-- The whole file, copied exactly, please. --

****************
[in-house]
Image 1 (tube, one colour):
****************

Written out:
[in-house]
Image 1 (tube, one colour):